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The Clinical Value of Operating Room Inventory Best Practices

Healthcare, Posts, Supply Chain

Operating Room Inventory

The topic of operating room inventory management and point of use capture in the OR continues to be an important one as healthcare organizations look to improve supply chain visibility and reduce costs. Recently, I had a good discussion with Stephanie Mittler, Senior Clinical Consultant at Mercy Hospital Washington as well as a former OR Manager for the organization. Here’s what she had to say about the impact of a clinically integrated supply chain in the OR and how it’s beneficial to the OR Manager role and to patients. (Note: her comments were written during her time as an OR Manager.)

Expiration Management

Stephanie Mittler – Senior Clinical Consultant at Mercy Hospital Washington as well as a former OR Manager

As OR Managers, we’re always working with our counterparts at other facilities to make the best use of our resources and be as efficient as we can. One way we do this is by being proactive with our expiring supplies and overall approach to operating room inventory management. We look to trade them out with our other facilities that may consume them faster before the expiration date or exchange product with our company reps. I now spend only five minutes each month to ensure there is no waste in my facility due to expirations. This too adds just another safety check for our patients.

On a side note related to expiration dates, we did have a good catch shortly after rolling out the OR inventory management system. It caught an expired implant before it made it to the field. I’m confident my team would have checked the package’s inside expiration date as the item was opened, but either way, the circulator scanned the outer package as the interior package was being opened, and the point of use system flagged it as expired. BIG WIN FOR PATIENT SAFETY!

Implant Log

From an OR Manager’s perspective, consistency and accuracy are beautiful to see. For obvious reasons, the tracking of these implants is critical and prior to implementing a new supply chain system, was often a struggle for the OR team. Our accrediting/governing bodies mandate nothing but perfection in this area. Yet, with inconsistent packaging, varying lot numbers, serial numbers, manufactured-on dates, and expiration dates to consider, in the past this level of precision in documentation was inconsistent. Now everything is exactly how and where it needs to be—and better yet, it’s all traceable!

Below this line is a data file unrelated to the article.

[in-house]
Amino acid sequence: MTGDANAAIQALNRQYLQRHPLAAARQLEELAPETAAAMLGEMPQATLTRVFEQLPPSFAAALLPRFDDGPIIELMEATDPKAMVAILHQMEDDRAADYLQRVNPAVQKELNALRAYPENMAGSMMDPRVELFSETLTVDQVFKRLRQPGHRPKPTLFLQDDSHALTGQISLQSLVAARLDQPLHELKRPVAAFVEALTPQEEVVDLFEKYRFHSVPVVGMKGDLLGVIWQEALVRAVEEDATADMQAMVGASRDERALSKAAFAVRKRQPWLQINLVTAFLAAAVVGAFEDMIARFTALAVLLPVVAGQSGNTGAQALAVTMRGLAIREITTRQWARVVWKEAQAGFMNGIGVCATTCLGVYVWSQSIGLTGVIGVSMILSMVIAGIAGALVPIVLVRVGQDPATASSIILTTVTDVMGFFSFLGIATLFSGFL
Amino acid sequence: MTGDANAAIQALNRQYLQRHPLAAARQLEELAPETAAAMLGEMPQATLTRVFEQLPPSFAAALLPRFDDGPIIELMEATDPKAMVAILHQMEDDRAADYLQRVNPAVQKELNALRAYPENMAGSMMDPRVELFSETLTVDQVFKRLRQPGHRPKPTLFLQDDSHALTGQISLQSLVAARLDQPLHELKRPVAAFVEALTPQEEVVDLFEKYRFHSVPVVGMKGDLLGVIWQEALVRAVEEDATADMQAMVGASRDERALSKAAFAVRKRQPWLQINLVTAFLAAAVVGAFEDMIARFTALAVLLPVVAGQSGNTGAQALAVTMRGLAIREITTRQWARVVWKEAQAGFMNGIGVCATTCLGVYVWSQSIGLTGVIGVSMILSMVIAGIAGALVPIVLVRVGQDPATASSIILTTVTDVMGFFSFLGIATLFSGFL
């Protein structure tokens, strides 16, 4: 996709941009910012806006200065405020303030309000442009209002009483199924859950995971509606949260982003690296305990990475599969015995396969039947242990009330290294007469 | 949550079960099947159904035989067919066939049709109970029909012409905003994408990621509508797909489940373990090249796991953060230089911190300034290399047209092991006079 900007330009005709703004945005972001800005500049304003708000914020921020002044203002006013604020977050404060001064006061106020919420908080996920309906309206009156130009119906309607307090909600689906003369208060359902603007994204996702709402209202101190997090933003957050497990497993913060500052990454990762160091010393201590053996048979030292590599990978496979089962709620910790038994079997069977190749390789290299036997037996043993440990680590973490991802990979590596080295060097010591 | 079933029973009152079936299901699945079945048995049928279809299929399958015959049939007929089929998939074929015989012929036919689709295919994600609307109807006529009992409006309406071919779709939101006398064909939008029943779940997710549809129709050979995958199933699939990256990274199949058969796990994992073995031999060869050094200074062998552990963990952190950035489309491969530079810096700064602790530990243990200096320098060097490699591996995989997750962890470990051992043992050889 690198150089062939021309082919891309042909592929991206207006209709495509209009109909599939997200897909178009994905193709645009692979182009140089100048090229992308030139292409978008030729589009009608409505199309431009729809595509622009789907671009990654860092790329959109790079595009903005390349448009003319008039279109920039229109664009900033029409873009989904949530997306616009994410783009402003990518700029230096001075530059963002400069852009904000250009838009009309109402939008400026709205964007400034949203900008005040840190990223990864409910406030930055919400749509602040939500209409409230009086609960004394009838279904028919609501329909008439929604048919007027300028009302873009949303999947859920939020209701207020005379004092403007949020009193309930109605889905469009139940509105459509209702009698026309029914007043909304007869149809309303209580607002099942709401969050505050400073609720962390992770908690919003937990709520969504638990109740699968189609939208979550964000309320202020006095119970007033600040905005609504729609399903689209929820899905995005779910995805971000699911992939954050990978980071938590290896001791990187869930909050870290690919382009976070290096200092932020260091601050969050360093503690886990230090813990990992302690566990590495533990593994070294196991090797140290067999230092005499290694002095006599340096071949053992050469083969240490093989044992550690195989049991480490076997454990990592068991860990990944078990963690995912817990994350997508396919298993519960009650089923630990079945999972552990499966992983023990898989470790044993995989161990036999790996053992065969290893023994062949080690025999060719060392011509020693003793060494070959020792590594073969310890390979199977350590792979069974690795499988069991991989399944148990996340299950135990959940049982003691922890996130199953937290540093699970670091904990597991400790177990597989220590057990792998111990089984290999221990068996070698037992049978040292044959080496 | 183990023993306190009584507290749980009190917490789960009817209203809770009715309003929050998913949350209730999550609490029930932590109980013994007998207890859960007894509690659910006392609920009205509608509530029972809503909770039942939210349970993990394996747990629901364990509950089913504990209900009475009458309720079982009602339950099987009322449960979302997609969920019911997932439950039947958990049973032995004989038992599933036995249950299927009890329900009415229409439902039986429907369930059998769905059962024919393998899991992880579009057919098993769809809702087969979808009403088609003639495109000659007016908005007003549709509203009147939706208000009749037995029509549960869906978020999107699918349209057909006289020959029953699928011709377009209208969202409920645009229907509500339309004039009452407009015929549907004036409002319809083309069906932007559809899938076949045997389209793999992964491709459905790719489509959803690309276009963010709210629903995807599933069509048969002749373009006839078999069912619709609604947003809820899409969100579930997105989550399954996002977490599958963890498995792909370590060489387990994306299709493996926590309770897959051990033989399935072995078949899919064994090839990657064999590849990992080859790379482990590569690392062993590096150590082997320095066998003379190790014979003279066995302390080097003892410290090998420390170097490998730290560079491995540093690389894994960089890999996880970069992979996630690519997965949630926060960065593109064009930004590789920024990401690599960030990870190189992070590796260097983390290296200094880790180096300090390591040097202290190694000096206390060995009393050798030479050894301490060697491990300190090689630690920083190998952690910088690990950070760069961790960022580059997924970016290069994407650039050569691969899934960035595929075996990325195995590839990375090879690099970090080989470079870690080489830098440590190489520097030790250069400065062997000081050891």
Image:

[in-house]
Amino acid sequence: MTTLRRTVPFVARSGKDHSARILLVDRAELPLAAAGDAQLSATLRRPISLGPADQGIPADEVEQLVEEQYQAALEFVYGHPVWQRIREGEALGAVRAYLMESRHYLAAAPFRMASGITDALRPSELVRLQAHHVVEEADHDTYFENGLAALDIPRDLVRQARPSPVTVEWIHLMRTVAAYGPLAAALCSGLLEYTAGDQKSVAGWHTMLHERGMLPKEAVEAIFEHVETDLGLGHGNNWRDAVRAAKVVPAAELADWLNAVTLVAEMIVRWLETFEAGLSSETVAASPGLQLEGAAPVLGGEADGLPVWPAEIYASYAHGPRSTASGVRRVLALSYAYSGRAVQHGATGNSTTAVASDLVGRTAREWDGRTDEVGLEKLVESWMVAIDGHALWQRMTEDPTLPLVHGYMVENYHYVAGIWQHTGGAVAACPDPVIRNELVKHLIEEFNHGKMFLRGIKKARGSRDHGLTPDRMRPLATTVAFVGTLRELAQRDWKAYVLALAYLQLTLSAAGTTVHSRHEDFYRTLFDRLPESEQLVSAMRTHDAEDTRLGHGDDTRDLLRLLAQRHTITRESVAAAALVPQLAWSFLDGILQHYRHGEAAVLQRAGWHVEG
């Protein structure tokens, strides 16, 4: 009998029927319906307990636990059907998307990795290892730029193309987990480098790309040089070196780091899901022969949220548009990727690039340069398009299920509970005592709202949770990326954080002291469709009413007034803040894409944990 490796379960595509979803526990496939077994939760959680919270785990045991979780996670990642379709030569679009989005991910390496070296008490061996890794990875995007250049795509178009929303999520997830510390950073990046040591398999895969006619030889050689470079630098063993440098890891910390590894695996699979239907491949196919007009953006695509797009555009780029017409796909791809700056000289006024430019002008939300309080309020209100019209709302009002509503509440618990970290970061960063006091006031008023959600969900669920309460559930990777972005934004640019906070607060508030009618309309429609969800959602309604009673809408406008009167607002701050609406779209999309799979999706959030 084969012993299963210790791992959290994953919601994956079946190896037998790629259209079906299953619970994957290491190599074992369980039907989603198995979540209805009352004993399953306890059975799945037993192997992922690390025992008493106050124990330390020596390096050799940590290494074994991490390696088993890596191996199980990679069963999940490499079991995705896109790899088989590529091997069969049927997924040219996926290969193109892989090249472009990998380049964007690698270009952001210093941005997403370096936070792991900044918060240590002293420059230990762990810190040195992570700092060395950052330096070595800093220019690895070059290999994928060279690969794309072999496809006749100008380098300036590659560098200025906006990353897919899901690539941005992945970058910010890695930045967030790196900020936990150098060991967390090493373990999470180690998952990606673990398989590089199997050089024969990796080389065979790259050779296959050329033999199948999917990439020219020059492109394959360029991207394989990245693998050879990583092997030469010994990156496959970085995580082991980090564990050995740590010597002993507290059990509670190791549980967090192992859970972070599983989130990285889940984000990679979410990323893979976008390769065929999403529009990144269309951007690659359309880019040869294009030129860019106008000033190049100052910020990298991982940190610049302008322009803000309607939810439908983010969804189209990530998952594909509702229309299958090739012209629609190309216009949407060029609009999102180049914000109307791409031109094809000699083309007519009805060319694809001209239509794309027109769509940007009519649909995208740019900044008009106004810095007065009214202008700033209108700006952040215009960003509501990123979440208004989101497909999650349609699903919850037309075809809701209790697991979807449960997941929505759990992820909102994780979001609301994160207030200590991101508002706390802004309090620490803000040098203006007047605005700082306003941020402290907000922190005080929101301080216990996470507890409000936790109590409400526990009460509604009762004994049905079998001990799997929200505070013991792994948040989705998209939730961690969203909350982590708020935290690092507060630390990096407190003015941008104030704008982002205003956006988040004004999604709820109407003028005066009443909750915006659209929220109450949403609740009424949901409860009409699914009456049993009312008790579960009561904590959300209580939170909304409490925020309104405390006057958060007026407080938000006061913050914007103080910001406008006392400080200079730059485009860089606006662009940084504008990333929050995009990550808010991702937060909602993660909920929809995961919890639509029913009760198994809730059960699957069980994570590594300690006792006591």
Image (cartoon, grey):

Tissue Tracking

Of course, everything I said in relation to the implant log applies here as well, but even more so. I can do an audit at any given time and drill down to the lot number of the solution used to reconstitute the tissue. I can see exactly what tissue I have on hand and follow the complete chain of custody with just the click of a mouse. My team in the room no longer has to question whether a product is considered a tissue because the application has all tissue easily identifiable and prompts for the required documentation.

One-Time Use and Trials Visibility

This report helps me manage operating room inventory from a number of different angles. It ensures accurate documentation.

Often, for various reasons, new supplies make it into our operating rooms before they are built into our system. Before, the circulator would try to find them. But if it couldn’t, they would document this in a notes section of the patient’s chart, making it untraceable (if they even charted the item(s) at all). Now, after the item is scanned just once at the point of use, the system remembers it. This ensures ease of documentation and allows our OR teams to focus on patient care.

There are also the occasional reps who like to sneak the latest and greatest products in for our physicians to try. Of course, all ORs have strict policies prohibiting this; however, without constant monitoring, this still occurred from time to time for operating room inventory. Now, with this new system, EVERY item is being scanned into our documentation. I can see exactly what “special” items are being used each day and can immediately address any issues.

Then there are the special-order items that for whatever reason we have yet to commit to inventory. This report gives me visualization into exactly how many cases this item is being used on. I can then make an informed decision on stocking the item in the future as well as the par level at which we should set.

Accurate Case Cart Content

We also completed a cleanup project with our preference cards to ensure the products contained within the cards matched each surgeon’s needs. We now have a more accurate and efficient way of managing the case cart preparation with the logistics team. This means clinical staff can spend less time searching for missing supplies and can devote more time to the patient inside the procedure room.

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